- Assailant, who posted a video online, likely acted alone
- Europe must prepare itself for more radicalized assailants
An ax-wielding teenager who attacked passengers on a regional train in Germany late Monday was an asylum seeker who became inspired by Islamic State jihadism, though likely acted alone, the country’s interior minister said.
Investigators in Bavaria are still sifting through evidence to establish how and why a 17-year-old refugee, registered as an Afghan asylum seeker last June, committed a “brutal act of violence,” German Interior Minister Thomas de Maiziere said Wednesday. The attacker left a number of Chinese tourists with life-threatening injuries before he was shot and killed by police.
“There is much to indicate that this was an attack committed by a lone assailant who was spurred on by the propaganda of the so-called Islamic State,” de Maiziere told reporters in Berlin.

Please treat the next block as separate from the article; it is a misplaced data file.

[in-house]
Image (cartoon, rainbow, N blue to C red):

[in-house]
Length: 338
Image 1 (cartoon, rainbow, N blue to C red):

The bloody attack, occurring four days after a man killed 84 people by plowing a truck through a crowd of revelers in southern France, highlights the emerging risk of self-radicalized attackers bent on committing violence in Germany and in Europe, de Maiziere said.
“We have to anticipate attacks by small groups or radicalized lone actors,” the minister said. “We all experienced that in a bitter way on Monday evening.”
As with the Nice attacker, the Afghan refugee in Germany wasn’t on any police or intelligence watch list. In addition to a letter threatening revenge on “infidels,” the teenager had posted a “classic farewell video of a suicide attacker” on YouTube, in which he identified himself as a “soldier of the caliphate” and pledged himself to Islamic State, de Maiziere said.
Still, “the video contains no indications of an arrangement” with Islamic State, the minister said.
De Maiziere, a close ally of Chancellor Angela Merkel, defended the government’s migration policy, which came under strain last year as the country took in more than 1 million migrants fleeing conflict and poverty in the Middle East. He said it’s right to have legal channels for migration alongside measures to reduce the influx.
“The horrible act of one individual cannot be used to discredit a large group of people,” the chancellor’s spokesman, Steffen Seibert, said.